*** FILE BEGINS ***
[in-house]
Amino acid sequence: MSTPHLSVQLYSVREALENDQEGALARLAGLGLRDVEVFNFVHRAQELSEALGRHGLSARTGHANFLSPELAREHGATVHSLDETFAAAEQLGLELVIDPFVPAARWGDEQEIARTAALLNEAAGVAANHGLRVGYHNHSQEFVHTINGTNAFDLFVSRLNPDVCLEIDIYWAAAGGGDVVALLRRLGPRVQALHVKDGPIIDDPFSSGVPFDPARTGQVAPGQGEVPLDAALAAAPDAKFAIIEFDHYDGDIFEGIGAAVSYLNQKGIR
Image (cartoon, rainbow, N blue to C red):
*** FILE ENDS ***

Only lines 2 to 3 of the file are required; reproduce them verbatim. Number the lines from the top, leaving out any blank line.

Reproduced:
Amino acid sequence: MSTPHLSVQLYSVREALENDQEGALARLAGLGLRDVEVFNFVHRAQELSEALGRHGLSARTGHANFLSPELAREHGATVHSLDETFAAAEQLGLELVIDPFVPAARWGDEQEIARTAALLNEAAGVAANHGLRVGYHNHSQEFVHTINGTNAFDLFVSRLNPDVCLEIDIYWAAAGGGDVVALLRRLGPRVQALHVKDGPIIDDPFSSGVPFDPARTGQVAPGQGEVPLDAALAAAPDAKFAIIEFDHYDGDIFEGIGAAVSYLNQKGIR
Image (cartoon, rainbow, N blue to C red):